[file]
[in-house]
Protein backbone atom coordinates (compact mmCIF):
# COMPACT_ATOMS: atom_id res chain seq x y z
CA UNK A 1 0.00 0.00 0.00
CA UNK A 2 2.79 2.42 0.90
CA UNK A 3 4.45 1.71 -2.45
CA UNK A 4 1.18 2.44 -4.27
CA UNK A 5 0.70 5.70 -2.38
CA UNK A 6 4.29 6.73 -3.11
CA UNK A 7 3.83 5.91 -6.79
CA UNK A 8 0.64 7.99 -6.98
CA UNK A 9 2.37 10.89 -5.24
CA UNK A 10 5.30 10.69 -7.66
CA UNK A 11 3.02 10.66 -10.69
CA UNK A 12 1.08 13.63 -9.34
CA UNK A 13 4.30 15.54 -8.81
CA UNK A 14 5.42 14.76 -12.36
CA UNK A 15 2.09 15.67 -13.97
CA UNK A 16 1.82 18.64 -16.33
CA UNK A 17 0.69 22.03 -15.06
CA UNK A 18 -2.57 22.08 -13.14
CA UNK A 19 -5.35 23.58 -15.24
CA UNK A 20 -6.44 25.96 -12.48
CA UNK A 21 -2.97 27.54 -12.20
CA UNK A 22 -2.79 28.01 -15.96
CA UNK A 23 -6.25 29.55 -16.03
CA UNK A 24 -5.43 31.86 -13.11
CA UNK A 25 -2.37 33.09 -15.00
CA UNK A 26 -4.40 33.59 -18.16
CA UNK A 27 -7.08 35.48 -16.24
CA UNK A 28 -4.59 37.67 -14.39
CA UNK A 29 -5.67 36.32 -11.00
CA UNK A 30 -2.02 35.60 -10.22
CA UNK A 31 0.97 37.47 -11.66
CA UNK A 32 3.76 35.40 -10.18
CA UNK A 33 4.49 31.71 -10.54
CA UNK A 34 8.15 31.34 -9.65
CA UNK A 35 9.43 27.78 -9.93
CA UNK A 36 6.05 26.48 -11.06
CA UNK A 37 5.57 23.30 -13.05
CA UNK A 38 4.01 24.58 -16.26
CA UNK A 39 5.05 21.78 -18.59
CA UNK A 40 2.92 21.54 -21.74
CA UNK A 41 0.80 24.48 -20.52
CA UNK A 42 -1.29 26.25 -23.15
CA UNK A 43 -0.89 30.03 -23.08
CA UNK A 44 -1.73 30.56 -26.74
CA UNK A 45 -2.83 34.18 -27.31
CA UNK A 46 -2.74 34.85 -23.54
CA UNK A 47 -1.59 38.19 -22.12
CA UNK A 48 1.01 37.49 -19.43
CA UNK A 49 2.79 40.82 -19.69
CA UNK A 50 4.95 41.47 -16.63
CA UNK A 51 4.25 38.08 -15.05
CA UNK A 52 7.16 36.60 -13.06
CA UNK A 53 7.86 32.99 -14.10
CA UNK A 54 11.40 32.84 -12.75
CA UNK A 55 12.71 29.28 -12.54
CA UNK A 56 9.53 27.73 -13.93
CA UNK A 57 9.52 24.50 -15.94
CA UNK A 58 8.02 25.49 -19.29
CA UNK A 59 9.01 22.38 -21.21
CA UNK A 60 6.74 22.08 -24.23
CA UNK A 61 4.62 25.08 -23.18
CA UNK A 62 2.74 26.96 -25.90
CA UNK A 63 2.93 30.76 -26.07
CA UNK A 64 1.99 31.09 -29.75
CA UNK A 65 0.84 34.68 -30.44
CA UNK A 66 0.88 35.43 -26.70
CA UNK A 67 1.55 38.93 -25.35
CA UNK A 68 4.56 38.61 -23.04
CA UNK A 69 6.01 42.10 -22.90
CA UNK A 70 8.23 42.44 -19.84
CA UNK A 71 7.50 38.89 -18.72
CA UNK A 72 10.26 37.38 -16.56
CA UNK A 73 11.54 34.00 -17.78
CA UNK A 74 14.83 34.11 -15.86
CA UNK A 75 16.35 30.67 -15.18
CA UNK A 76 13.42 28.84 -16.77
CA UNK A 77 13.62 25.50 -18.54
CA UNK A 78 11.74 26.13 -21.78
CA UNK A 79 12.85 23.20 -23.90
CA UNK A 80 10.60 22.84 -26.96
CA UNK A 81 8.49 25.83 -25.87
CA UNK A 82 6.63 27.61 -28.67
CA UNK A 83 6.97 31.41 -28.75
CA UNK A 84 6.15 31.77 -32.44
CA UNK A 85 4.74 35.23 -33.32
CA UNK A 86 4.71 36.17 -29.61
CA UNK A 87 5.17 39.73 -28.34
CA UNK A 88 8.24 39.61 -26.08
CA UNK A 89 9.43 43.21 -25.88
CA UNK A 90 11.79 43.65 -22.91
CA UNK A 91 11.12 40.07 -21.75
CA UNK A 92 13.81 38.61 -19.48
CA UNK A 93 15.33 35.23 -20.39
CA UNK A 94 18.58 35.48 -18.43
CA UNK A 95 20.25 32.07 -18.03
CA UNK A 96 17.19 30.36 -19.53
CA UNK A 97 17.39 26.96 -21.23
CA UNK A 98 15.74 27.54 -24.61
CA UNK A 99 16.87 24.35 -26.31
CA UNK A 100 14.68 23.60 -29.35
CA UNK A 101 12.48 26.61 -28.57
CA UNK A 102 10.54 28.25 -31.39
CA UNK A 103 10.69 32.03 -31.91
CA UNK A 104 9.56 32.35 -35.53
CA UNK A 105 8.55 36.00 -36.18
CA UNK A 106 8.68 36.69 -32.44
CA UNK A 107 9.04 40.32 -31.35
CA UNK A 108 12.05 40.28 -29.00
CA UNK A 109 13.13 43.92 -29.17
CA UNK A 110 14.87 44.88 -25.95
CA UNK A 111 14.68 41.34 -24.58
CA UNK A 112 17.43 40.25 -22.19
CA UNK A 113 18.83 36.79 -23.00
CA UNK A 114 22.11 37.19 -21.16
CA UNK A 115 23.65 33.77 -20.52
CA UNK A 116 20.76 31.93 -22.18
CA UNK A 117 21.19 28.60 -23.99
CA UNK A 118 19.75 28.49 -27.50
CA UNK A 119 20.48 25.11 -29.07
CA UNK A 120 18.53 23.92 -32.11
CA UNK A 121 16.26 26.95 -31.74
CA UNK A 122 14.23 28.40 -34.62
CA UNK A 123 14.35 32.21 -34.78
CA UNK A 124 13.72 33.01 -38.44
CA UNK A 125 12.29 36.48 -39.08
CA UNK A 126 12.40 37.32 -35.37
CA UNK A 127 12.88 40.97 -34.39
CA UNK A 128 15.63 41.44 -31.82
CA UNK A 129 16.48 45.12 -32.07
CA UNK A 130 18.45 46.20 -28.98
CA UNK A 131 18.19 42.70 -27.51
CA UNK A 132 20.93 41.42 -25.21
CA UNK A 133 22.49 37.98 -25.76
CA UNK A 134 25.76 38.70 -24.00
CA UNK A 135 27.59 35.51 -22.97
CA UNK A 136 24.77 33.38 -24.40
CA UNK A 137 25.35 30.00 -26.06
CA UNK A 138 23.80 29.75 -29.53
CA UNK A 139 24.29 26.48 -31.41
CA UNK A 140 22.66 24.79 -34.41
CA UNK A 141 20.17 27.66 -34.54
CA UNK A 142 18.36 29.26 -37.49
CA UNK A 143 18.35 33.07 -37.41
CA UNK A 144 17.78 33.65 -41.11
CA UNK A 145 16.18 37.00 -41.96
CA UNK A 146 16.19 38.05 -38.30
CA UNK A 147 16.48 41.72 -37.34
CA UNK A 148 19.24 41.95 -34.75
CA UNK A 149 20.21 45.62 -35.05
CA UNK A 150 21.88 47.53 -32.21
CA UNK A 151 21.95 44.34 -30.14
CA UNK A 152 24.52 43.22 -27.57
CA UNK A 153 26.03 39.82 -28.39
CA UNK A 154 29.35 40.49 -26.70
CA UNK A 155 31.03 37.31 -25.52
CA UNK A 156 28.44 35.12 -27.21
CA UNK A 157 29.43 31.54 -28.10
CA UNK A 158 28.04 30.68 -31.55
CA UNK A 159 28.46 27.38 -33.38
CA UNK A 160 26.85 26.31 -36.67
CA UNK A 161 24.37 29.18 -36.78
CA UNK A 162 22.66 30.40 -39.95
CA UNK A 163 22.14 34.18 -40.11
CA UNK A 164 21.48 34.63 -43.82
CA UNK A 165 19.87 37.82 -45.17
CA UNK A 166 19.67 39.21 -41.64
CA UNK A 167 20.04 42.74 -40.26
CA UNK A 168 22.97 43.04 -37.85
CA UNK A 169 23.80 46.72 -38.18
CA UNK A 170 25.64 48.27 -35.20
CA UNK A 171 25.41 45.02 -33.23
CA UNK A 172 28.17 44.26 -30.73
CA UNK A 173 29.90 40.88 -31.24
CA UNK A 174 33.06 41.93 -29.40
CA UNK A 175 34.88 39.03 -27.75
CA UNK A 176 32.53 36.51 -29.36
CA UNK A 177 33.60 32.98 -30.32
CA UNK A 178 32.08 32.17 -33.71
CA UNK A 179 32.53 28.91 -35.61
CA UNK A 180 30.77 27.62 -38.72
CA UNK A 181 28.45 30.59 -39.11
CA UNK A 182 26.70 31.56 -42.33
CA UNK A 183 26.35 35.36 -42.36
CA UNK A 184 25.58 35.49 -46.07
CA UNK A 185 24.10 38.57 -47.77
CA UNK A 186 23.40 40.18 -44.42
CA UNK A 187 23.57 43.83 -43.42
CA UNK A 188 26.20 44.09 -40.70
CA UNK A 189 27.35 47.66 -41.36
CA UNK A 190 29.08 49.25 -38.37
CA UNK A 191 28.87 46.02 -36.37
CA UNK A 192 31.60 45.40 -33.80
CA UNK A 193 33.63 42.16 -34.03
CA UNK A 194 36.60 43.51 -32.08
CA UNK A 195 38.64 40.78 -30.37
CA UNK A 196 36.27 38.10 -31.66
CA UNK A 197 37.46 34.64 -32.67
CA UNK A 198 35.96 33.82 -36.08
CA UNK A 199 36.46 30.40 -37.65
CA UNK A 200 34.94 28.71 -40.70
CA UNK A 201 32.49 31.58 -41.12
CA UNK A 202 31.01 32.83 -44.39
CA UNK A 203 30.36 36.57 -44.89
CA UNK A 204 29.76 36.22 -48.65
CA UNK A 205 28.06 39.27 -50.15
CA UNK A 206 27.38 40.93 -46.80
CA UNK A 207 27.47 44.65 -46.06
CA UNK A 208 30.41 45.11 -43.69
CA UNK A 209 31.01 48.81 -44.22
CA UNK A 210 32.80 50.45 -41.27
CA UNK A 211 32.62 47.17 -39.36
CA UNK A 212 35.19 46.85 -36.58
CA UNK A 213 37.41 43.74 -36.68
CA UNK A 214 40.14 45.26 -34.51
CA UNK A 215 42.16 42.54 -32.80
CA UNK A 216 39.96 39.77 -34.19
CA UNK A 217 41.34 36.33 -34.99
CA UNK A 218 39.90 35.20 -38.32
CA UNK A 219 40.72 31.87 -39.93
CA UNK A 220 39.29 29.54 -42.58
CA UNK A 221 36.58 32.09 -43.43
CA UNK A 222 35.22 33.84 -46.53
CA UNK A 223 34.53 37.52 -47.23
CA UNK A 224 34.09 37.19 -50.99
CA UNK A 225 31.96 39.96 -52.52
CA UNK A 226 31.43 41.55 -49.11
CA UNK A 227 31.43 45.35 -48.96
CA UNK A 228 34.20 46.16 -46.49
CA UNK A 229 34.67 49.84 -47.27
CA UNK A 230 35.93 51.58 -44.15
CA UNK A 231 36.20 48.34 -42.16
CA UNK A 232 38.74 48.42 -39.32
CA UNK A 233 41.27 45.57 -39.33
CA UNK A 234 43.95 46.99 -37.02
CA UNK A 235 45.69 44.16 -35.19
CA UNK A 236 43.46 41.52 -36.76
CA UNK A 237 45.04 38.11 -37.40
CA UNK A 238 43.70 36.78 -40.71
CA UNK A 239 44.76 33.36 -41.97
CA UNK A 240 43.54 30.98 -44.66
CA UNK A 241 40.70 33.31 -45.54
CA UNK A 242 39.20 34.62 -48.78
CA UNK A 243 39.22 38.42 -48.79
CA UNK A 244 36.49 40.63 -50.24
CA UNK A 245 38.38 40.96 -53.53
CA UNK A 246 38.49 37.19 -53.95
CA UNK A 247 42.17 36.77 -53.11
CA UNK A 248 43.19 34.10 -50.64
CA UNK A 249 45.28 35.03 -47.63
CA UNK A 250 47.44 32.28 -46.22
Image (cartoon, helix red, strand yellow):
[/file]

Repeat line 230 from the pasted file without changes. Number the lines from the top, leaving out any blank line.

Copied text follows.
CA UNK A 227 31.43 45.35 -48.96